Calculating Simple Portfolio Returns with Rebalancing or Adding/Removing Securities

Given a set of portfolio weights, w, and historical security prices, I am looking to calculate a simple portfolio return via: where R is the simple return for a given security from time t to t+1: This is pretty straight forward. However, I can't seem to wrap my head around how the portfolio return calculation changes if:

1. There is a portfolio rebalance
2. A new security is added
3. An existing security is removed

For example, if my portfolio only contains two securities, A and B: And, so, the simple portfolio return is: What happens now if I want to rebalance the portfolio? How would that alter the return calculation or how would my portfolio return be different? Does "time" matter? Say, the portfolio from time t to t+1 was one year but the portfolio was then balanced for only one day. Then, the return period that I am interested would be for time t to (t+1+one day).

Similarly, instead of rebalancing, what if I wanted to add a new security C at time t+1 and the calculate the return from time t to (t+1+one day). In other words, security C did not exist in the portfolio from time t to t+1. How do I get the portfolio return now?

What if I want to remove security A at some later time t+2?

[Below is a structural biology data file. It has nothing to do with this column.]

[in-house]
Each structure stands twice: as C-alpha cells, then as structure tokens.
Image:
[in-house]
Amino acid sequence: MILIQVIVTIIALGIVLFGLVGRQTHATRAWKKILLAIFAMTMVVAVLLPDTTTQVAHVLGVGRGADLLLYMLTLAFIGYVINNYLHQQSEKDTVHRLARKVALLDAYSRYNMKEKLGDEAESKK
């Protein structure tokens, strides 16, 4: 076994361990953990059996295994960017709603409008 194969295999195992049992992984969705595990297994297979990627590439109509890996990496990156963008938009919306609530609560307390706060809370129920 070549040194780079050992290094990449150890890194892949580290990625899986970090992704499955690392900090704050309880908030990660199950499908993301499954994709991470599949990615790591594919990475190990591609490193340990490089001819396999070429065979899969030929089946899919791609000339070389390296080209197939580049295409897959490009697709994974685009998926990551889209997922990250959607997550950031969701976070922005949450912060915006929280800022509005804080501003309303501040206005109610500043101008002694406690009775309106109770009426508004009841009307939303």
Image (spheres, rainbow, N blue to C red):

• are you calculating the return as IRR? Nov 6 '15 at 14:07
• I'm not familiar with IRR but from what I can gather, no "decision" (accept/reject) is made based on the percent portfolio being calculated. Does that answer your question or would you care to elaborate? There really is no further context behind my question besides calculating the simple portfolio return when given a start and end date. The challenge for me is understanding how to correctly handle things when there are changes in the portfolio during that time period (i.e., rebalancing, adding a security, removing a security, etc)
– slaw
Nov 6 '15 at 14:15
• I'm new to this group. Is this the right place to ask this sort of question?
– slaw
Nov 6 '15 at 14:25
• IRR is the rate of return that makes the NPV of all of the considered cashflows 0 so its simple to calculate the returns with intra-period rebalancing just by calculating the IRR intra-period rather than full period. i.e. change the final cashflow date to the date of sale. Nov 6 '15 at 14:26
• I could make an answer in which I discuss using IRR if you like? Nov 6 '15 at 15:05